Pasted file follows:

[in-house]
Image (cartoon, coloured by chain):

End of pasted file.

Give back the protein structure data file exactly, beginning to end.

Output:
[in-house]
Image (cartoon, coloured by chain):